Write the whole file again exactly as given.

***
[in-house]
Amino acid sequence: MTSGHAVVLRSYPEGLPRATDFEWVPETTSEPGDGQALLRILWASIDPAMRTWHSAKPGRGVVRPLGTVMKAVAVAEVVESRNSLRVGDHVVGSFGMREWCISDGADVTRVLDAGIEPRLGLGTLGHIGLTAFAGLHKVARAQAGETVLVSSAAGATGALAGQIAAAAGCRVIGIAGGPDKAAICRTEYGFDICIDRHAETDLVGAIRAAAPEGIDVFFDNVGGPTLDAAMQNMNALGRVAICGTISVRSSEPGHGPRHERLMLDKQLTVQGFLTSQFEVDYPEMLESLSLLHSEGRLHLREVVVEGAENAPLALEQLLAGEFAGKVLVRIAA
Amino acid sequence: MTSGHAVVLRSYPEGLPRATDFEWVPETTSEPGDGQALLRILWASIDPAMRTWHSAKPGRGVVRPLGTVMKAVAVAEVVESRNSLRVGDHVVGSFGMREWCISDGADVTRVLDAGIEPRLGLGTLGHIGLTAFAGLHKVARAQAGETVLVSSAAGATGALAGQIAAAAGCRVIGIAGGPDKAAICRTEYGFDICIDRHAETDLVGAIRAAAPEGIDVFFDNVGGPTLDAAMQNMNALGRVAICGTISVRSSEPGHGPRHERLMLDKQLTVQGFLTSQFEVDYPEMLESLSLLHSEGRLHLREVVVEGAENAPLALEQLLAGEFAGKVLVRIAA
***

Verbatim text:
[in-house]
Amino acid sequence: MTSGHAVVLRSYPEGLPRATDFEWVPETTSEPGDGQALLRILWASIDPAMRTWHSAKPGRGVVRPLGTVMKAVAVAEVVESRNSLRVGDHVVGSFGMREWCISDGADVTRVLDAGIEPRLGLGTLGHIGLTAFAGLHKVARAQAGETVLVSSAAGATGALAGQIAAAAGCRVIGIAGGPDKAAICRTEYGFDICIDRHAETDLVGAIRAAAPEGIDVFFDNVGGPTLDAAMQNMNALGRVAICGTISVRSSEPGHGPRHERLMLDKQLTVQGFLTSQFEVDYPEMLESLSLLHSEGRLHLREVVVEGAENAPLALEQLLAGEFAGKVLVRIAA
Amino acid sequence: MTSGHAVVLRSYPEGLPRATDFEWVPETTSEPGDGQALLRILWASIDPAMRTWHSAKPGRGVVRPLGTVMKAVAVAEVVESRNSLRVGDHVVGSFGMREWCISDGADVTRVLDAGIEPRLGLGTLGHIGLTAFAGLHKVARAQAGETVLVSSAAGATGALAGQIAAAAGCRVIGIAGGPDKAAICRTEYGFDICIDRHAETDLVGAIRAAAPEGIDVFFDNVGGPTLDAAMQNMNALGRVAICGTISVRSSEPGHGPRHERLMLDKQLTVQGFLTSQFEVDYPEMLESLSLLHSEGRLHLREVVVEGAENAPLALEQLLAGEFAGKVLVRIAA